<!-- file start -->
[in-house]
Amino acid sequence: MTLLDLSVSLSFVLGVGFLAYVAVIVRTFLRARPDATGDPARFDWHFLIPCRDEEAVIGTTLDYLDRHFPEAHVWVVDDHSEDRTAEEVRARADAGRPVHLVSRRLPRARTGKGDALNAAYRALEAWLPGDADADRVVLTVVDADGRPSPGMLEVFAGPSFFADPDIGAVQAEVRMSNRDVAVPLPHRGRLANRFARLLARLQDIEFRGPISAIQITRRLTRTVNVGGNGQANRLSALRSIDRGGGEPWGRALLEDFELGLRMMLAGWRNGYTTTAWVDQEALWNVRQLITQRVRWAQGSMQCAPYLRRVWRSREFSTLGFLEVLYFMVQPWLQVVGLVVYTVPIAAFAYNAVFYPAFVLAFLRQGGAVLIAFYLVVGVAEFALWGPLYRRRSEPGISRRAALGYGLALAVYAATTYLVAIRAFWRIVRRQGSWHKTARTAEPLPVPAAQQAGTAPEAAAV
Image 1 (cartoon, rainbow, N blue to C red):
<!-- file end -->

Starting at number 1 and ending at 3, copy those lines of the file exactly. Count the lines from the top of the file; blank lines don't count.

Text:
[in-house]
Amino acid sequence: MTLLDLSVSLSFVLGVGFLAYVAVIVRTFLRARPDATGDPARFDWHFLIPCRDEEAVIGTTLDYLDRHFPEAHVWVVDDHSEDRTAEEVRARADAGRPVHLVSRRLPRARTGKGDALNAAYRALEAWLPGDADADRVVLTVVDADGRPSPGMLEVFAGPSFFADPDIGAVQAEVRMSNRDVAVPLPHRGRLANRFARLLARLQDIEFRGPISAIQITRRLTRTVNVGGNGQANRLSALRSIDRGGGEPWGRALLEDFELGLRMMLAGWRNGYTTTAWVDQEALWNVRQLITQRVRWAQGSMQCAPYLRRVWRSREFSTLGFLEVLYFMVQPWLQVVGLVVYTVPIAAFAYNAVFYPAFVLAFLRQGGAVLIAFYLVVGVAEFALWGPLYRRRSEPGISRRAALGYGLALAVYAATTYLVAIRAFWRIVRRQGSWHKTARTAEPLPVPAAQQAGTAPEAAAV
Image 1 (cartoon, rainbow, N blue to C red):